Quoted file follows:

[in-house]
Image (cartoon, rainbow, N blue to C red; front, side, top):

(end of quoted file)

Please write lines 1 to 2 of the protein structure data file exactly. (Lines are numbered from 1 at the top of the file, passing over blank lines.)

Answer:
[in-house]
Image (cartoon, rainbow, N blue to C red; front, side, top):